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Why Are Skilled Cities Getting More Skilled?

Tuesday January 2006


Edward L. Glaeser Director, Taubman Center for State and Local Government; and Director, Rappaport Institute for Greater Boston John F. Kennedy School of Government Harvard University

Dr. Edward Glaeser’s work has focused on the determinants of city growth and he finds that residents of fastergrowing cities appear to be better educated than their counterparts in struggling urban areas. His research suggests that, aside from climate, education may be the most powerful predictor of urban growth.

So what can cities do to attract and retain a highly educated work force? Dr. Glaeser argues that cities and regions are more likely to thrive when basic services and amenities are provided, when they invest in education, keep streets safe, encourage housing development through reducing barriers to building, and rely on a reasonable and fair tax system that does not let tax rates skyrocket.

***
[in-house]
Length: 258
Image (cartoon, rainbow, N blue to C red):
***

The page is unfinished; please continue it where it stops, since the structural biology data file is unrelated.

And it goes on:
Dr. Glaeser discussed the critical relationship between a city’s ability to engage educated, high-skill workers and the dynamic created that influences a city’s future.